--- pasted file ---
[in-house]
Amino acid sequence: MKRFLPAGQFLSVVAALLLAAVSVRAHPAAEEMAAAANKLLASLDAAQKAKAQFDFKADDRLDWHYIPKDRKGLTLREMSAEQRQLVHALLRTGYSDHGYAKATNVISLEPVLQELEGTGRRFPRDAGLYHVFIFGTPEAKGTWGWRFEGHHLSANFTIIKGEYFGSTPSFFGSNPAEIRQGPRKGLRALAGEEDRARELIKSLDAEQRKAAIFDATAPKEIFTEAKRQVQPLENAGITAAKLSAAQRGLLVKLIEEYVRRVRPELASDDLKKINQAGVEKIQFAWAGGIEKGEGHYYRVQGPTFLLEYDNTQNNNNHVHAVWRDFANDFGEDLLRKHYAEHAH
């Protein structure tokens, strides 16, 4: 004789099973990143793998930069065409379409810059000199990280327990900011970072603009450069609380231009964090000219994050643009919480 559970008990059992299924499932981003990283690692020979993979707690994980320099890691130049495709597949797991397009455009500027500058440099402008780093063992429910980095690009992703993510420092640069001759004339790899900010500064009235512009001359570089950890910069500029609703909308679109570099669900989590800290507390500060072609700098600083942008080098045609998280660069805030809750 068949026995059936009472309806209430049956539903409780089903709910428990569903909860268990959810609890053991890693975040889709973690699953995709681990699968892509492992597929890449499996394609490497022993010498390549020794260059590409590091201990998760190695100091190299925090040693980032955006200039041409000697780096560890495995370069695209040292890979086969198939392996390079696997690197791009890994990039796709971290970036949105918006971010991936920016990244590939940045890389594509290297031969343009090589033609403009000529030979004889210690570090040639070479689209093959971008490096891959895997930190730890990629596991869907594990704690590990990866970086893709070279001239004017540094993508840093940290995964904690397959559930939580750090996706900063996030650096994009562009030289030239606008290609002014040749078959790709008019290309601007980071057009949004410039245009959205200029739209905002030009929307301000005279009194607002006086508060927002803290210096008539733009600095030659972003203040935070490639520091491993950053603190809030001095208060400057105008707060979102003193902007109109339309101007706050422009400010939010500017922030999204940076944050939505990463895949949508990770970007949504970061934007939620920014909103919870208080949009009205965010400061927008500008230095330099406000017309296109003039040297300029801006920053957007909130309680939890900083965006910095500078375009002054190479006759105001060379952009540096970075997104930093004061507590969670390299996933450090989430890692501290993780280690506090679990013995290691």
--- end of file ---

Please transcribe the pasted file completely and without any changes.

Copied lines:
[in-house]
Amino acid sequence: MKRFLPAGQFLSVVAALLLAAVSVRAHPAAEEMAAAANKLLASLDAAQKAKAQFDFKADDRLDWHYIPKDRKGLTLREMSAEQRQLVHALLRTGYSDHGYAKATNVISLEPVLQELEGTGRRFPRDAGLYHVFIFGTPEAKGTWGWRFEGHHLSANFTIIKGEYFGSTPSFFGSNPAEIRQGPRKGLRALAGEEDRARELIKSLDAEQRKAAIFDATAPKEIFTEAKRQVQPLENAGITAAKLSAAQRGLLVKLIEEYVRRVRPELASDDLKKINQAGVEKIQFAWAGGIEKGEGHYYRVQGPTFLLEYDNTQNNNNHVHAVWRDFANDFGEDLLRKHYAEHAH
């Protein structure tokens, strides 16, 4: 004789099973990143793998930069065409379409810059000199990280327990900011970072603009450069609380231009964090000219994050643009919480 559970008990059992299924499932981003990283690692020979993979707690994980320099890691130049495709597949797991397009455009500027500058440099402008780093063992429910980095690009992703993510420092640069001759004339790899900010500064009235512009001359570089950890910069500029609703909308679109570099669900989590800290507390500060072609700098600083942008080098045609998280660069805030809750 068949026995059936009472309806209430049956539903409780089903709910428990569903909860268990959810609890053991890693975040889709973690699953995709681990699968892509492992597929890449499996394609490497022993010498390549020794260059590409590091201990998760190695100091190299925090040693980032955006200039041409000697780096560890495995370069695209040292890979086969198939392996390079696997690197791009890994990039796709971290970036949105918006971010991936920016990244590939940045890389594509290297031969343009090589033609403009000529030979004889210690570090040639070479689209093959971008490096891959895997930190730890990629596991869907594990704690590990990866970086893709070279001239004017540094993508840093940290995964904690397959559930939580750090996706900063996030650096994009562009030289030239606008290609002014040749078959790709008019290309601007980071057009949004410039245009959205200029739209905002030009929307301000005279009194607002006086508060927002803290210096008539733009600095030659972003203040935070490639520091491993950053603190809030001095208060400057105008707060979102003193902007109109339309101007706050422009400010939010500017922030999204940076944050939505990463895949949508990770970007949504970061934007939620920014909103919870208080949009009205965010400061927008500008230095330099406000017309296109003039040297300029801006920053957007909130309680939890900083965006910095500078375009002054190479006759105001060379952009540096970075997104930093004061507590969670390299996933450090989430890692501290993780280690506090679990013995290691």